Find out where medical malpractice payments were the most common in 2022
In this article, we explore the concept of medical malpractice, the inner workings of the National Practitioner Data Bank, and, most importantly, we’ll identify and analyze the states with the highest (and lowest) rates of medical malpractice payments in the United States.
Medical malpractice claims first appeared in the United States in the 1800s, but the frequency of claims did not increase significantly until the 1960s. Today, medical malpractice claims are common. According to research conducted by the Division of Economic and Health Policy Research, one in three physicians have had a medical malpractice lawsuit filed against them at some point in their careers.
In an effort to better understand the geographical distribution of medical malpractice claims, we’ve turned to a valuable resource: the National Practitioner Data Bank.
What is medical malpractice?
Medical malpractice occurs when a patient is harmed because a health care professional deviates from the accepted standard of care.
A medical malpractice claim can be brought against any licensed health care professional.
Examples of actions (or inactions) that commonly result in medical malpractice claims include:
- Failing to diagnose an illness
- Misdiagnosing an illness
- Misreading a lab result
- Prescribing and improper medication or dosage
- Failing to follow proper medical procedure
- Failing to warn a patient of known risks
- Prematurely discharging a patient
In order to establish a medical malpractice claim in most states, a patient must prove the following two elements:
- The health care provider failed to exercise the degree of care and skill expected of a reasonable health care provider in the profession, and
- Such failure was the actual and proximate cause of the patient’s injury.
In a medical malpractice case, the focus of the lawsuit will generally be on what the health care provider should have done in a specific set of circumstances. The standard by which the health care professional is judged is called the “medical standard of care.”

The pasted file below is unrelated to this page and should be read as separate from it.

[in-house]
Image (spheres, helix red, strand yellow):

To put it another way, the plaintiff will attempt to persuade the judge or jury that the health care professional failed to act with the same level of care that an ordinary health care professional with the same training and experience would have, and the defendant will attempt to persuade the judge that the health care professional acted competently. Both sides can—and are typically required to—present testimony from experts to support their arguments.
What is the National Practitioner Data Bank?
The National Practitioner Data Bank (NPDB) is a federal database that collects certain information related to doctors and other health care practitioners. The NPDB was created pursuant to The Health Care Quality Improvement Act of 1986 with the goal of improving the quality of healthcare in the United States.
The NPDB collects a wide range of information concerning medical malpractice claims, including medical malpractice payments, disciplinary actions taken by state medical boards, and criminal convictions related to health care delivery.
Researchers, policymakers, and health care institutions use this information for all sorts of reasons, including to aid in the development of health care policies and to provide hospitals with critical information during credentialing and hiring processes.
The ten states with the most medical malpractice payments